The Influence of Jurisprudential Considerations on Supreme Court Decisionmaking: A Study of Conflict Cases
Wasby, Stephen L., Justice System Journal
Stefanie A. Lindquist and David E. Klein, "The Influence of Jurisprudential Considerations on Supreme Court Decisionmaking: A Study of Conflict Cases," Law and Society Review 40 (2006): 135-61.
The authors, political scientists with law degrees, are interested in factors that may influence the U.S. Supreme Court's treatment of intercircuit conflict cases from the 1985 through 1995 terms. Such cases account for roughly one-third of the Court's docket and are disproportionately statutory rather than constitutional in nature. They examine whether the Supreme Court's decision is affected by the (relative) number of circuits on each side of the conflict; the presence of concurring and dissenting opinions in the rulings of the courts of appeals; and the relative prestige of the judges on the two "teams" of competing circuit groupings. They also consider whether the justices side with positions ideologically closer to their own and with the position supported by the solicitor general. All these factors are found to have statistically significant effects, findings that add to our knowledge of Supreme Court decision making.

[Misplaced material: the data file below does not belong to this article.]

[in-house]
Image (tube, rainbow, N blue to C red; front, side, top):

This is an interesting study for its findings, but there is a terminological problem. The reader, who will have noted that the article's title speaks of "Jurisprudential Considerations," should be careful not to get sidetracked by possibly inappropriate labeling. The authors declare that their findings "provide strong evidence that Jurisprudential influences matter" for the decisions in these cases (p. …